Wilson looked up from his work. His eyes, Julie noticed, were red-rimmed with what looked to her like unshed tears. She”d always had an uneasy feeling about that Samson girl, although it hadn’t been her place to say so, and probably wouldn’t have done any good if it had. Unshed tears, in her opinion, caused even worse heart trouble and probably cancer. Sometimes—not often—it was easier being a woman.
He said, “Thanks, Julie. I’m not sure I’m very hungry right now. I’ve got the reefer working finally, though, You could put it in there.
“Not on your life, Captain my Captain. I got you two giant pulled pork sandwiches on onion buns with extra sauce—Sweet Carolina—skinny French fries, cole slaw, and a couple of those jalapeno dill pickles they have. Refrigeration constitutes sandwich abuse, a serious crime in these parts. They need to be eaten pronto, as we say in Newark.”
“Western Newark.” Wilson straightened up slowly. He’d been squatting beside this access port for hours, wrestling with the stubborn devices inside, and despite the lack of gravity, his knees and back were stiff and painful.
“Okay,” he told his grandmother. “I give. What have we got to drink?”"
“The only thing fit to drink with hot food—ginger beer!”
The kicked themselves up into the piloting dome of Mighty Mouse’s Girlfriend to watch the stars and the traffic around L-Four as they ate. Julie never tired of watching different types and models of ship going by. She’d have had one of her own if she could have thought of any good reason to. She knew she didn’t have the temperament to hunt asteroids.
As they ate, she watched her grandson, too. She wanted him to talk about what had happened—she had a couple of good guesses—and start getting it out of his system. She believed he wanted to talk, too, but she wouldn’t press it. She’d lived with Billy Ngu a long time, and thought that Wilson was more like him than anyone else in the family.
At last, Wilson took a big swallow from his second baggie of ginger beer, and said, “Wow! That stuff is hotter than the barbecue sauce!”
“Good, isn’t it?”
“Sure is! Do we have another baggie?”
“In the ‘fridge, Honey, I bought plenty. Bring me one, too, will you?”
When he had kicked his way back to the pilot’s seat and velcoed himself in, he said, “It didn’t go well, Grandma.” Unlike his little sister, he seldom called her that when he wasn’t hurt in some way.
“No?” she answered neutrally, pretending to pay attention to her pickle. ‘You mean your visit with your friend aboard the asteroid hunter?”
“Her name is Amorie Samson, aboard her family’s the Esmerelda. Actually, the visit itself went … very well. I can’t tell you how well.”
“Literally, I imagine. So why are you all down and out, then?”
Slowly, keeping his eyes on his shoes, Wilson began telling his grandmother about the two terrible days he’d suffered through after his visit to the Esmerelda, about not being able to reach Amorie—with whom he had communicated every day, sometimes several times a day, for more than a year—and then about their final, surreal conversation.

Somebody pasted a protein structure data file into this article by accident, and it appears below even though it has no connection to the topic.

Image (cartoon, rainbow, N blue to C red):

They didn’t speak for a long while. The situation was much worse than Julie had imagined. “So what are you planning to do now?” she asked.
Wilson turned and looked at Julie. It was one of those rare moments in his life when he realized all over again how strange it must be to be seeking grandmotherly comfort and advice from a beautiful young woman who appeared outwardly only a year or two older than he did.
“I’m thinking maybe I should finish overhauling and refitting Mighty Mouse’s Girlfriend, and sell her for three times what I paid for her, as Lafcadio was planning to do, and go back to work on Ceres.”
“Where you belong?” Julie asked, arching her eyebrows.
He met her gaze. “Something like that, sure. If Dad will have me.”
“Why shouldn’t he?” he asked. “You think your father’s likely to be angry or ashamed of you because you got your heart broken?”
He sat up. “Wow! You know, somewhere down deep inside, that’s exactly what I was thinking.”
“I knew you were. Remind me sometime to tell you some stories about him when he was your age. He was the king of broken hearts, himself.”
Wilson grinned ruefully and shook his head. “Sometimes I think he still is.”
She nodded. “Me, too.”
Julie put an arm around her grandson’s big shoulder. “Look here, Honey, you can’t throw your whole dream away because one corner of it turned sour. I’m going to tell you something that you won’t believe right now. But I solemnly promise you that a day will come when you finally realize that this was the best thing that ever happened to you.”
Copyright © 2009 by L. Neil Smith
lneil (at) netzero (dot) com